A sentimental yarn with elements of “Cinema Paradiso,” the Venezuelan “One Life and Two Trails” lacks the dramatic bite to travel commercially beyond home turf. A handsome production, this yarn of a middle-age man returning to his village and going back in time shamelessly tugs at one’s emotions, and its desire to be liked ultimately proves somewhat cloying.
Romer (German Mendieta) is a successful architect in Caracas as the story opens. It has presumably been years since he visited his mother, Ninfa (Ramona Perez), in the Andean section of the country. When he receives an old family photo in the mail, he becomes consumed with the disquieting sense of her imminent death.
As he travels back to his birthplace, Romer’s story unfolds. A bright youngster, he’s selected to attend a seminary and possibly enter the priesthood. Instead, he winds up in the streets of Merida, first selling produce and later as part of a band of touring players. In Caracas, he lands a job washing dishes until the opportunity arises to teach school in a remote farming community.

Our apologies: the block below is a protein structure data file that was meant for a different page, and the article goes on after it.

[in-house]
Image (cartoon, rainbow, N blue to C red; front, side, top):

The script wanders from one incident to the next; curiously, the central character does little to anchor the narrative. Filmmaker Alberto Arvelo has taken on an ambitious, time-sweeping history but never finds a focus or ties together the political and personal elements of the saga. Romer is a daunting character; it remains unclear whether he’s meant to be a mere cipher.
The film’s lush look seems at odds with the otherwise simple surroundings, and pic’s treacly score is much too obvious in directing one’s emotions. When the final clutch comes in “One Life and Two Trails,” it lacks fire because it was preordained from the start.